Internet Arguments About Furnaces

[Written March 30, 2024]

Curious about how much energy my programmable thermostat might be saving, I looked up (what is actually called) “night setback,” and ended up finding a pretty basic disagreement.  Energy companies, HVAC people, and researchers said that a setback saves energy, while many forum posters (credentials not stated) insisted that the reheating phase negates all gains from the setback period, no matter what.

Since enlightenment was unavailable on forums, I dug deeper into the search results.  tl;dr: everything is fine with my 10-hour/5°F setback.

Researchers agree that any setback saves energy.  Returns diminish fairly rapidly, but even 9°F (5°C) saves more energy than 8°F over 8 hours.  Other than that, the only actual advice I saw was one HVAC person, who suggested “1° per 2 hours” (probably F???) as the upper limit for a practical setback.  Which is fair; that would recommend a 4°F setback for the 8-hour period studied, which is a majority of the savings for not too much of a temperature drop.

Eventually, I dug deep enough to find that in 2009, Energy Star certification for programmable thermostats had been revoked because they didn’t save enough energy.  The reasons were surprising, though.  About half of the owners weren’t running a program; they were no different than manual thermostats in practice.  Among the rest, the programmable model couldn’t save energy for people who had simply automated the schedule they had been manually performing before having a programmable model.  In the worst case, some people had heat pumps, which would kick on resistive backup heat during the recovery period, leading to slightly greater total energy usage for them.

Overall then, “programmable thermostats” save 1.1% or less across the entire installed base.  But these studies also support the “setback saves money” hypothesis!  A subset of users were able to save enough energy, by programming and using a setback, to bring the overall average up to 1%.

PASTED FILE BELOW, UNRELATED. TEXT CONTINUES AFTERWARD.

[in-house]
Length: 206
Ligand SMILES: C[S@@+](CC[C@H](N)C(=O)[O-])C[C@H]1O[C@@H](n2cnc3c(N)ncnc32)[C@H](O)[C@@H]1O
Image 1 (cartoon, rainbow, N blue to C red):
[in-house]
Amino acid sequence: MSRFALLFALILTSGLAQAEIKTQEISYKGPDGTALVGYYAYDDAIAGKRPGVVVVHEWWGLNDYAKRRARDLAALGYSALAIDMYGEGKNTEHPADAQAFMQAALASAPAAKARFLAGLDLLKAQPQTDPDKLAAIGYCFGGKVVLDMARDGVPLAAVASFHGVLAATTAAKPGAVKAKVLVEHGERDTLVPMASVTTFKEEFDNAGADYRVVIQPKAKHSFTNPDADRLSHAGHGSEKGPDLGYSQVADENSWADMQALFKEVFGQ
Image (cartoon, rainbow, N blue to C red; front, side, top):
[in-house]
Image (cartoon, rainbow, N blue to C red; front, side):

(The thing that really saves energy is to have occupancy sensing in a property that is only partially occupied, like a rental for the Illegal Hotel Apps.  That group can see a 25% savings in total energy usage.)

Back to our dudes (presumed) on the forums.  None of them are building a more detailed model than “heat lost must be replaced.”  There’s no attempt to experimentally verify it, or consider that the rate of heat loss depends on the temperature difference.  And on the other hand, if the research is all wrong and part of some big conspiracy, there are a lot of people involved in it.

[2024-04-06: This section has been rewritten and expanded.]

A different issue people on the forums had was with two-stage furnaces.  Some people think they are always a ripoff.  “The first stage has to run longer to provide the heat.”  “It lets installers get away with incorrect sizing.”  I didn’t have a prior opinion, but I couldn’t let it lie unexamined.

For peak efficiency, a furnace needs two things: to be fully warmed up internally, and to be able to circulate air throughout the system.  Two-stage furnaces typically offer ⅔ capacity as their first stage, rather than a smaller amount, for the latter reason.  Producing less heat requires less airflow.  Otherwise, too much heat is carried away from the furnace.  The ducts are fixed size, so the airflow can only be lowered by slowing the blower fan.  That soon reaches a point where the air is moving too slowly to get out of the system and into the main air of the building.